Wednesday, May 27, 2020

Skills Inspiration from a Real Life Worst Case Survival Guide

I can't explain it: whenever I pick up big 'ol book on wilderness skills or survival I feel buzz of excitement. Perhaps it's the fixer in me that is eager to synthesize and deploy this new found knowledge. Or maybe I got a kick out of reading these types of book as a kid and this is just a burst of nostalgia. Whatever it is, I love me a survival manual.

Mind you, these texts are often limited in value. The textual descriptions, vague line art, and random pictures often leave a lot to be desired. Ultimately, there's no substitute for experience; even if that experience is in your backyard. Still, these manuals do serve one notable purpose: they offer inspiration for which skills one should investigate and master.

Kicking around on the web, I came across one of these references I hadn't seen before. AF Handbook 10-644 - Survival Evasion Resistance Escape (SERE). This is apparently the Air Force's manual for their SERE program; the course pilots takes to be prepared for ejecting over enemy territory.

The SERE course is legendary stuff and covers everything from basic wilderness survival to evading the enemy to dealing with be a prisoner of war. To even get a glimpse into this world is a treat.

The range of topics covered is impressive. From nuts and bolts of survival to higher level topics such as understanding weather and various types of insulation; from surviving an avalanche to making landfall in raft; the book tries to cover it all. 

Sprinkled throughout the text are accounts of soldiers who deployed  the documented techniques. Consider this tidbit from page 621.

Colonels John Dramesi, a USAF F-105 pilot shot down in April 1967, and Edwin Atterberry, a USAF RF-4C pilot shot down in August 1967, used a disguise as the main focus of their escape attempt from the “Hanoi Hilton”. They used a combination of ground iodine pills and redbrick dust to match the average skin color of the North Vietnamese. Sandals modeled after the shoes of the North Vietnamese peasant. They gathered bits of cloth and string and made white “surgical” masks to disguise facial features. Using thread pulled from towels and needles made of copper wire, they fixed their black prison clothes to look like peasant dress. Out of strips of rice-straw pulled from sleeping mats, the IP wove two conical hats. Originally they had camouflage nets made from three blankets with clumps of rice-straw from brooms sew on them, but were forced to turn them over to the rest of their cell mates, so they used mosquito netting with clumps woven into them. The IP also stole a burlap bag, two baskets, and a carrying pole as props to look like traveling peasants. The Colonels moved through the populated area of Cu Luc North Vietnam without raising suspicion, coming within a yard of policemen and others during their disguised evasion movement. They greeted those that walked with simple nods, while any locals who attempted to talk to them were ignored as the pair cong forward at a constant rate. While their disguised allowed them to get out Hanoi, unfortunately they did not travel far enough before going to a hold-up site and were subsequently captured.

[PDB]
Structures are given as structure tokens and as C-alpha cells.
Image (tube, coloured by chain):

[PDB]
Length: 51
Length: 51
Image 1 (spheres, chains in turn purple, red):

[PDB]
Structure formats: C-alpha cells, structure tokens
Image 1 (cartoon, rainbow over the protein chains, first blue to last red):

The manual delivers mightily on the inspiration front. Below are 20 skills that I logged as worthy of future investigation and I'm sure I could find more.

If you're looking for a worst case survival guide, AF Handbook 10-644 is where it's at. Master the skills in there and you'll be ready for anything.

  1. Identifying and using 12 common medicinal plants. (page 87)
  2. Crafting an improvised sleeping bag. (page 199)
  3. Crafting improvised footwear, specifically the curiously named Hudson Bay Duffel Bag. (page 192)
  4. Using quartz or pyrite as a spark generator. (page 229)
  5. Using clouds for weather prediction. (page 101)
  6. Using sandstone and other found rocks as an improvised knife sharpener. (page 241)
  7. Learning two common hand sewing stitches. (page 253)
  8. Using the SODIS method of water purification. (page 293)
  9. Understanding improvised methods for determining your current latitude and longitude. (page 410)
  10. Navigating at night using stars. (page 415)
  11. Using an improvised trail marking scheme. (page 430)
  12. Crafting a field expedient oven for baking. (page 365)
  13. Using field expedient methods for preserving food. (page 367)
  14. Constructing an improvised raft. (page 500)
  15. Learning the evasion checklist. (page 530)
  16. Urban navigation: identifying navigational clues from landmarks and local history. (page 623)
  17. Urban navigation: determine direction from weather effects on buildings and infrastructure. (page 625)
  18. Preparing a personal survival kit. (page 278)
  19. Constructing an improvised backpack. (page 450)
  20. Learning basic rock climbing technique and holds. (page 462)

Friday, May 22, 2020

Hiker in Training: Ellanor C Lawrence Park

I'm on a mission to get our 16 week old ready to tackle serious hikes. We've done the prep work and knocked out a short, but nearby trail. Next up was to pick a trail that was longer in distance and drive time.

Our go-to app for finding trails is All Trails. When Shira and I are shopping around for an adventure, we set the difficulty to medium or hard, and the distance to 7+ miles. This time, we looked around for easy trails that would be less than 5 miles. My gosh, there are so many options we'd never heard of!